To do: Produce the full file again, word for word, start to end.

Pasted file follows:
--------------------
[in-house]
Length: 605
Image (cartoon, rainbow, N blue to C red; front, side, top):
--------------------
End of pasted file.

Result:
[in-house]
Length: 605
Image (cartoon, rainbow, N blue to C red; front, side, top):